And that’s the other thing I can drone on about until the cows come home, of course, is the difference between the written word and TV, and the different requirements of those forms, and you shouldn’t mix the two up. There’s a lot of talk about world building. The thing that drives me mad about that is that there is one writer on god’s green earth that needs to build worlds, and that is George R. R. Martin. Who is of course a TV writer, he was a TV writer before he wrote novels. And he has to build that world of Ice and Fire. Because if you get the sigil wrong, in a scene, the viewer will know. The viewer will notice. And they don’t have to be particularly persnickety to spot. They might not even consciously notice. But they’ll subconsciously realise that something is off, the costumes aren’t quite right, or the weather isn’t quite right, or the colouration, and those things really matter. You get them wrong on TV and you notice it incredibly quickly without it ever reaching conscious awareness, and you think, oh, that show’s not very good, and you turn it off. And people will say, why did you turn it off? And you actually don’t know. But you just know that the work hasn’t been done. So world building is hugely important when you’ve got to get the soundtrack right, the costumes right, the mise en scène, you know, the props. Jesus, what a job of work. But that’s profoundly not the job of writing, which is to create a half open door that the reader will step through. And filling that space behind it with their own ideas. Because reading is a performance. And when I look at cyberpunk I just think, that is an absolutely brilliant thing for film and TV to take hold of and use. I’m interested in Bill Gibson, I’m not interested in cyberpunk. Or I’m interested in Bruce Sterling, I’m not interested in cyberpunk. The thing itself is just a label we put on something we use, and if we’re TV we build worlds with it, and if we’re novel writers or whatever, poets or God knows what, we’ll just use it as a launching pad. And manipulate it and play games with it and cheat with it and deliberately misread it, which is the other thing you can do, you just deliberately misread everything to do with it, and end up with something odd and peculiar at the other end.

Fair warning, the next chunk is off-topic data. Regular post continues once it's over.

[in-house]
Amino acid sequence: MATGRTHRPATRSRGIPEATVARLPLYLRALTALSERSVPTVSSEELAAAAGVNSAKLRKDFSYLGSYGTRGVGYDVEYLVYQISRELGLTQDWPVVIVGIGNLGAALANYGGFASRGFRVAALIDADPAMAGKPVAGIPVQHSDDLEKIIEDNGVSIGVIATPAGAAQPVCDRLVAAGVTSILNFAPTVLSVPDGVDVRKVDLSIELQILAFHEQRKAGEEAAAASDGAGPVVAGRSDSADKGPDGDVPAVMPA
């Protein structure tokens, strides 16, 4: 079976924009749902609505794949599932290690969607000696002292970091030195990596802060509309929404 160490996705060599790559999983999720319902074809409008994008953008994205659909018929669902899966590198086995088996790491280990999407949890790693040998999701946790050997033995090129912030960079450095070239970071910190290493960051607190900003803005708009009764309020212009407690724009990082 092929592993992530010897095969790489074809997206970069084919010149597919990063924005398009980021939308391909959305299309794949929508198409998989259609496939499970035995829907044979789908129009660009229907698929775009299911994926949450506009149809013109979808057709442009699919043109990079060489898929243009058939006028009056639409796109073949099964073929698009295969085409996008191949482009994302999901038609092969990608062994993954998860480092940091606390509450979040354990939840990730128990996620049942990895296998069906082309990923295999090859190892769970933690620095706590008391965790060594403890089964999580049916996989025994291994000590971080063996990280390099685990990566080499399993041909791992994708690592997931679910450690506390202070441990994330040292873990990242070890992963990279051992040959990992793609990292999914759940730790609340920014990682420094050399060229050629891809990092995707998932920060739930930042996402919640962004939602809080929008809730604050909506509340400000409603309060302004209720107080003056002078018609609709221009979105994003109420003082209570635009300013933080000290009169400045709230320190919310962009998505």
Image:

City Of The Iron Fish is a Fantasy about the role of art in shaping reality, and our relationship to Fantasy as a mode. What were the challenges of writing something like that?